London Guardian 
Tuesday, Feb 10, 2009
As British health experts become increasingly anxious about declining rates of immunisation and the risk of a serious measles epidemic in the UK, the American authorities are convinced that their tougher rules are the answer.
Parents in the US are not simply advised by the health authorities to get their children vaccinated against measles – they are obliged to do it by law. Children who have not been immunised face a “no jab, no school” exclusion from daycare, nursery and school. In extreme cases, their parents have been threatened with fines and jail.
In other cases, parents have been paid $50 (£35) a time to explain to researchers why they are in the tiny minority that is so reluctant to vaccinate their children, in studies probing parents’ lingering fears of links between the measles, mumps and rubella (MMR) jab and autism, asthma and attention deficit hyperactivity disorder.
Over the next few months, parents of toddlers across the US will begin registering their children for kindergarten and infant-school intake this September.
School districts post their registration rules online and in local newspapers, and, among the requirements for parents to bring proof of identification when registering, they are, without fail, also asked to bring their child’s immunisation record showing they have been vaccinated with MMR. No proof, no place at school.
The laws differ slightly from state to state but, overall, obligatory vaccination is so routine most parents and schools automatically accept it.
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“It’s the law. They have to have had two measles vaccinations to enter school, or even kindergarten,” says Marjorie Lapp, a school nurse at Kendall elementary school, near Rochester in upstate New York. “It’s a good thing. We don’t have many problems with kids getting the jabs. We had a problem with one parent last year where the child’s brother was autistic, but nothing has been proven on that point.”
The school has not had a case of measles in the 10 years she has been there. “The benefits of the vaccine outweigh the risks,” Lapp says.
Every state requires proof of immunisation before children can enter the state school system, or be eligible for federally funded daycare. As a result, vaccination rates among pupils starting school in the US are typically between 92% and 98%, compared with 78% in England and Wales.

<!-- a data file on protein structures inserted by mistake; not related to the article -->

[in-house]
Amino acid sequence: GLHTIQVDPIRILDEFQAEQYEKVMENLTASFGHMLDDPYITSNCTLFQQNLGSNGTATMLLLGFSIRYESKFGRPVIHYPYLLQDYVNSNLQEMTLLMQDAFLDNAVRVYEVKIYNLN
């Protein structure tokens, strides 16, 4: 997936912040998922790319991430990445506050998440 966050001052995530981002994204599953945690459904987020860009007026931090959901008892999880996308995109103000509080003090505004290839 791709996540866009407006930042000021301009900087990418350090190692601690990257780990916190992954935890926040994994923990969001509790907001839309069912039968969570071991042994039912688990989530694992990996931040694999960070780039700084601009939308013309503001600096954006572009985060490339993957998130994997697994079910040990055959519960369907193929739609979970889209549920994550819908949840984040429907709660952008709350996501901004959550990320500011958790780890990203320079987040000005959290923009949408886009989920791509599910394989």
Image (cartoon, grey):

Measles was declared last year to be once again endemic in the UK. Figures published last week confirmed there were 1,348 cases in England and Wales in 2008, a record high, up from 990 in 2007 and just 70 in 2001.
In contrast, in the first six months of 2008 there were just 135 confirmed cases of measles across the US, according to the Centres for Disease Control and Prevention (CDC), the government health data agency.
Even that low figure raised concern in the US, where the population of 300 million is five times bigger than the UK’s. American health experts called it the largest outbreak in a decade.
Measles was declared no longer endemic to the US in 2001. “Our vaccination rate is very high and the requirement for immunisation before attending school has been going on for decades. The CDC decided that was the best way to get the vaccine to the public,” says Dr Anne Gershon, professor of paediatrics at Columbia University Medical Centre and president of the Infectious Diseases Society of America.
She says parents who refuse to vaccinate their children have been “led up the garden path” by now-discredited links made between MMR and autism, and by a handful of celebrities “fanning the flames” by speaking out about their fears.
“We have got to regain the public’s trust in vaccinations – they do a lot more good than harm. It’s no good parents just getting their information from television, and there is so much on the internet that’s just wrong,” says Gershon.